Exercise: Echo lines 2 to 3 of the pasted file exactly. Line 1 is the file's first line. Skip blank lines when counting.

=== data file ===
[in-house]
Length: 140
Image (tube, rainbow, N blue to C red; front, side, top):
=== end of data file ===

Length: 140
Image (tube, rainbow, N blue to C red; front, side, top):